Look at these sliders—they all have buttons/knobs that look like you could grab them and drag them or do something with them, exactly what you should be doing with them:

enter image description here

Source

Example

This is a quick mockup of your interface with some slider handles added:

enter image description here

They don't look great, but that took me 2 minutes and it is now obvious they are for dragging/sliding. Since your interface isn't one most people will be used to adding arrows to suggest at movement will help.

You are fairly limited in space so one idea is to show the slider handles obviously large on first launch/install, then reduce their size once the values have been changed—by that point, the user knows they are there and what they do. An extension of that idea is to have the handles move further in or grow in size on hover.

There are a lot of different solutions but, broadly speaking, the answer is—skeuomorphism.

Update

After using your extension (I really like it btw!) I would say you need to label the different sliders too—it's not instantly clear what controls what. The tooltips explain clearly but they aren't obvious enough, if people aren't even aware they can move the sliders they definitely aren't aware of the tooltips explaining what those sliders control.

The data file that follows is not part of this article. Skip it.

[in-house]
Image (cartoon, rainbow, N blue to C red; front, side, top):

'Day', 'Night' and 'Transition' labels would be enough, with the tooltips giving a better description as they do now.

A quick mockup with some possible improvements:

enter image description here

  • All my thanks go to you. This far excedes what I asked for, so thank you so much :) I'll look into skeuomorphism, and I will work on making your suggestions a reality. Thanks again. – Marc Guiselin May 4 '16 at 3:37
  • I was thinking of moving the sliders outwards earlier, but I couldn't come up with a clean way of doing it. But the way you laid it out just nails it perfectly, proving that I have so much more to learn beyond simply coding, marketing, and photoshop skills :) Thanks again. – Marc Guiselin May 4 '16 at 4:08